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8 Things You Need to Know About Opening a Pilates Studio

8 Things You Need to Know About Opening a Pilates Studio

Are you thinking about opening a Pilates studio?

The Pilates and Yoga Industry has grown by 9.1% between 2014 and 2019. It is now expected to grow by 1.9% in 2019, showing that there is still a growing demand for this type of health and wellness experience. Both fitness disciplines have benefitted from the explosion in popularity of class-based boutique fitness in recent times. As well as that international sports stars like David Beckham, Serena Williams, and the entire All-Blacks Rugby Team have been using pilates to complement their regular training and prolong their career. 

stat about the growth of the pilates market

But it’s not just small to mid-size pilates studios that are experiencing this success. Successful independent studios are regularly franchising their brands out in the same way their boutique brothers are. The best example of this American Pilates franchise Club Pilates, who have sold over 600 franchises across the country. They are currently selling franchises at a rate of 30 to 40 per week.

So really it’s never been a better time to open a Pilates studio. The market is healthy for fitness studio’s in general at the moment, and fitness studios of all shapes and sizes are popping up everywhere. However, despite the health of the industry, success isn’t always guaranteed. Launching any studio takes a lot of hard work and mistakes along the way.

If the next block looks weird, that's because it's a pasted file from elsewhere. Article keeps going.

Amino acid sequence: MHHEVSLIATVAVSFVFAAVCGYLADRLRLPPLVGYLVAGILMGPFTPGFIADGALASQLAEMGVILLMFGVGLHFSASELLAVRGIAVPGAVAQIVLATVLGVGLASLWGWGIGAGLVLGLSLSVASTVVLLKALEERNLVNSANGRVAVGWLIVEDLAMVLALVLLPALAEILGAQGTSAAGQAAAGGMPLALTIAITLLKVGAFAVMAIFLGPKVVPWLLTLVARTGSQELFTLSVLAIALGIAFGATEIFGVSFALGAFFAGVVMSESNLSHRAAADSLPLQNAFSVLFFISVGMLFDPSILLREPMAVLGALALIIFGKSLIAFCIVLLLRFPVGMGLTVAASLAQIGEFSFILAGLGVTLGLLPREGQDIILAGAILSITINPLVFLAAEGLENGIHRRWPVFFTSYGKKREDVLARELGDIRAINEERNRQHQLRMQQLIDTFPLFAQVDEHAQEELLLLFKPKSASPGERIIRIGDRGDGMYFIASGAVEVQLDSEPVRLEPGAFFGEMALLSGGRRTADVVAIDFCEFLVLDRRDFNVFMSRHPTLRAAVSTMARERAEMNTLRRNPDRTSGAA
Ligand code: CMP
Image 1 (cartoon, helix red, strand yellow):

In this blog, we will take a look at the basic things you need to know about opening a Pilates studio. From buying the right pilates equipment to planning your grand opening and getting your first members in the door, there is a lot to think about when starting up your own studio. As a Pilates studio owner, you have to be ready to wear many hats. This includes entrepreneur, teacher, marketer, and even cleaner(!). Eventually, you will need to entrust these responsibilities to other people as the company grows. 

With that in mind here are 8 Things You Need to Know About Opening a Pilates Studio:

1. Create a Business Plan

As with everything in life, the first step is always to make a plan! Plans are the foundation of every great business and are a surefire step in your business’s path to success. Dreaming of being a business owner is admirable, creating a concise business plan is the first step to making this dream a reality. Think of the business plan as a blueprint and consider these key points.

The target market: Who are your ideal customers? The more information you have regarding this, the better equipped you will be to connect with any potential clients. 

Your competition: Research your competition, get an idea of what else is out there. Is there a gap that you see in the market? Who are your biggest competitors? Study them, add yourself to their mailing lists and learn their strengths and weaknesses.